Reading guide: The Long Song by Andrea Levy
Discover our comprehensive reading guide to Andrea Levy’s novel, set during the turbulent years of slavery and shortlisted for the Booker Prize in 2010
On the 75th anniversary of the HMT Empire Windrush arriving in Britain, author Sara Collins reflects on Andrea Levy’s unparalleled ability to write about Jamaica’s colonial history, with her signature dash of levity
This introduction will appear in a new hardback special edition of The Long Song, due to be published by Tinder Press on 17th August, 2023
The thing I’ve always loved most about Andrea Levy’s novels is that they bring history as close as we can ever get to it. The past spills into the present. The people we meet there are people we might know in real life. Their joys and agonies and human foibles aren’t so different from ours. Reading her books, you feel not only that you’re entering someone else’s head but that there’s a good reason for being there. With Small Island, she didn’t just record history, she changed our minds about it, offering us a palliative for the political spite that has for too long been aimed at the Windrush generation and their descendants. Indeed, such is my reverence for that book I put off reading The Long Song for ages, fearing anything that followed such a singular achievement could only disappoint.
I needn’t have worried. Set in late nineteenth century Jamaica, The Long Song introduces us to a formerly enslaved woman named July. In her cantankerous old age, she has been given shelter by the son she abandoned at birth, now a well-to-do printer in Kingston who offers to publish ‘the story that lay so fat within her breast’ (largely so she’ll stop pestering him to listen to it). From the first line, the story veers between her wayward solipsism and his stick-in-the-mud editorial intercessions, in the process bringing them both stubbornly, selfishly – miraculously – alive. Best of all, it’s a tale told with huge helpings of scorn, sparing no one. July’s ‘demented fatty-batty missus’ is an object of ridicule rather than terror.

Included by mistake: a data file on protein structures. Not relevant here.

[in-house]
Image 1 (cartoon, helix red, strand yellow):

The singular achievement of this book is to treat the topic of slavery with all the irreverence it deserves.— Sara Collins on The Long Song
The numerous involuntary residents of Amity plantation are often distracted by stratagems for one-upping the imbeciles who enslave them. Major tentpoles of Jamaica’s colonial history, such as Sam Sharpe’s rebellion, are touched upon, but they are by no means the main events, conceding space to July’s own thoughts and dreams and desires. They are overshadowed by her man trouble too, which ranges from hilarious (freedom makes even her cock-eyed suitor Nimrod, ‘his smile as mangled and forlorn as one of the missus’s broken-down hair combs’, sexy) to heart-breaking (an entanglement with her mistress’s white-saviour husband ends with an event so sad I could hardly breathe while reading it).
All of Levy’s gifts are on display here: the keen eye for character, the acidic wit, the ease with which she illuminates critical intersections of Jamaican and British life in ways that are as erudite as they are entertaining. But the singular achievement of this book is to treat the topic of slavery with all the irreverence it deserves. Much of what follows is deeply serious, but the satiric touch shows how we human beings can be just as crooked or clever, just as selfless or self-centred, just as ugly, yet just as beautiful, in the context of plantation slavery as in any other. There may be tragedy in Andrea Levy’s versions of history, but humour (and humanity) always wins.